evolve, restructure, redesign

Why Bother to Rearrange?

I have a few friends who like to rearrange the furniture in their houses. They may move their reading chair in their bedroom to a different spot so they can catch the natural light that pours in from a window. Or maybe they move the couch in the living room to create a different traffic pattern.  They might decide to rearrange the furniture in a room to divide the space between two areas such as the living room from the kitchen or simply to create more open space. Whatever the reason, they find that rearranging some of the furniture in a room makes a positive difference.


Homeostasis is something our bodies crave. Simply stated, homeostasis is what we do to regulate and maintain stability within the systems of our bodies. When our bodies are destabilized, we will most likely need to rearrange our lives in order to bring our bodies back into a stable state. 

For instance, our normal body temperature is about 98.6. But when under an attack from a virus, our body temperature may rise indicating a breakdown in our normal and stable condition. In order to get well, to come back to a stable state, we need to rearrange our schedules so we can stay at home and rest. The sooner we tune in to what we need and accommodate that need, the sooner our body will return to its stable state.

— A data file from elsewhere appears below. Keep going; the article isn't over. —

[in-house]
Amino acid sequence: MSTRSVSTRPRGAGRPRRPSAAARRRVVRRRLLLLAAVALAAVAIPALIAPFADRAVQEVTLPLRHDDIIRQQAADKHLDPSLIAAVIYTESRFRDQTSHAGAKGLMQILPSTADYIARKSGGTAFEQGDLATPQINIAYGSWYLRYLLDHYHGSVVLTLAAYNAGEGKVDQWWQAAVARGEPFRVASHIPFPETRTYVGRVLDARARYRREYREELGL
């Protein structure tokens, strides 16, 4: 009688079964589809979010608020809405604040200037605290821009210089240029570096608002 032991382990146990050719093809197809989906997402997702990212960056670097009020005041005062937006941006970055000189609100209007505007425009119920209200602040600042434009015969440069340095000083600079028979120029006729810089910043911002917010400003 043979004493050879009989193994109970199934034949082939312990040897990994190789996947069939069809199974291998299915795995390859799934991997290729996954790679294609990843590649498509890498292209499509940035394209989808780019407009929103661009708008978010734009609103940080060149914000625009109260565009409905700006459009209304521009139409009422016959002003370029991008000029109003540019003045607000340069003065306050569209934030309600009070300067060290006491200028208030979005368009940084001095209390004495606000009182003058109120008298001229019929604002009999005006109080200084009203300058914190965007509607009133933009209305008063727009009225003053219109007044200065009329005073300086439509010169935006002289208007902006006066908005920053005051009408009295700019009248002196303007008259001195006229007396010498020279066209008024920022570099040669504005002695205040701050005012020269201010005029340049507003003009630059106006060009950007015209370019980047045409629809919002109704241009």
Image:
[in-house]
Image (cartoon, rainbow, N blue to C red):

Not only does our body crave balance, but so do our brains. But what are some of the events or circumstances that  destabilize our normal, restful, and sane flow of thinking? What distracts us from maintaining a state of mental wellness? 

Let’s set aside obvious reasons for mental instability such as alcohol or drug addiction and agree that alcohol abuse or addiction to any drug simply leads to crazy making. 

Without those two factors, what else leads to brain or thought imbalances? 

Suffering from loss is possibly the strongest destabilizer in our lives. By the time we reach adulthood, we’ve all experienced at least one loss; a child, a spouse, a job, a pet, a home, our innocence, maybe even our physical health. 

Suffering from a loss quickly reminds us that we are not in control. Loss also tempers our arrogant thinking and if we allow it to, it can rearrange our thinking from something old to something new.

We could become entrenched and bitter as a result of our loss or we can use the experience of loss to rearrange our thinking and discover a new way of being.

Why bother to rearrange? Suffering from loss is universal. It happens to us all. It has the potential to destabilize us and make us bitter or it has the potential to cause us to rearrange old patterns of thinking into new thoughts that stabilize us. The choice is always ours to make. 

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A heart's journey to forgiveness book by Terese Luikens